I also discuss how problematic the need for external validation can be, especially when you're looking to get it...
I was recently cleaning my windows and I was shocked to see the difference between the two in front of my kitchen sink when I was done cleaning the first one (image shown in the video below). It was amazing the clarity, detail, and beauty I could see through the now clear glass. It has made me reflect on all the times the ways I was looking at myself, another person, a situation, or my past may have been clouded and I didn't realize there was residue altering my ability to see the situation or person clearly. It has caused me to reflect on how my life has changed every time I've shifted my perspective or how I've remained stuck when I refused to change my perspective.
In this video, I discuss the relationship between these windows, reframing (shifting perspective), and trauma healing. I also read a section of my book, Reclaim Your Life After Trauma, where I discuss reframing and how it allows us to look at ourselves and circumstances through a different set of glasses.
As I often tell my clients, "Trauma doesn't disappear when you ignore it." Of course they don't want to hear this. I can always tell they know it's true, but they don't want to give up the hope that ignoring their pain will make it disappear.
We all do this; we just have different ways of pushing our pain aside. Some of us overwork, overexercise, overeat, overconsume TV or social media, indulge in idle chit-chat and gossip, use drugs, drink alcohol, or smoke cigarettes and sometimes we engage in multiple forms of distractions and numbing to push our pain aside. But it never works. We may get relief for a moment, but our pain is always there to tap us on our shoulder and remind us that it hasn't gone anywhere. So, we continue to try to push it away, often to the point when multiple aspects of our life begin to suffer (e.g., health, finances, career, relationships).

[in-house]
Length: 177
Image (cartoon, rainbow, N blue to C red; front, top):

It's understandable why we avoid our pain. As the name implies, it hurts. However, moving beyond our pain requires moving...
With how broken I used to feel, I was honored to share how I began to think unbroken on the Think Unbroken podcast.
Experiencing trauma is hard enough but trying to figure out how to move past your trauma can seem like an impossible task. It's why many people want to give up because they feel like their suffering will only end in death.
The host, Michael Unbroken, and I discussed how important it is to leverage the small wins you have along the way so you can build momentum. As you continue to progress and experience small wins it'll build your confidence and the belief that you can move through and beyond your pain.
You can find our episode on Apple Podcasts, Audible, Spotify, and other major podcast platforms. The title of our episode is, "E374: Stephanie M. Hutchins, Ph.D. - The power of nature in healing trauma | Trauma Healing Coach."
I'd love to help you take back control of your life! Learn more: serotinouslife.com/coaching-programs
Setting boundaries is the ultimate form of self-care. There is no greater way to show yourself love and respect than by saying, "I will not tolerate being hurt in this way."
In this video, I discuss my recent experiences with setting boundaries with two people in my life and what I learned. I hope it will encourage you to also decide where you'll draw a line in the sand and say, "No more!"
If you have boundaries you'd like to set, but you don't know where to begin or you're scared to set boundaries, I'd love to help you devise a plan to draw a line in the sand in a 2-hour strategy session: serotinouslife.com/strategy-session
I'm developing another course on trauma recovery. The section I've been working on is about replacing negative coping strategies. This clip is from the video pertaining to that topic in the course. I'm hopeful that this video will help you feel more empathy and compassion toward yourself for the ways you've tried to survive in the aftermath of your trauma.
It's obvious from this video that I don't appreciate the times that I've been judged harshly by others for the ways I've tried to survive. If you've also been judged harshly, please try not to turn on yourself. When we are berated by others it's easy to internalize that language and start using harsh words to condemn ourselves.
Yes, it's important to find ways to stop harming ourselves. But it isn't as simple as using logical reasoning to stop. I knew that having sex with random strangers, binging and purging 8 to 12 times per day, and drinking until I blacked out was bad for me. I didn't need anyone to tell me that....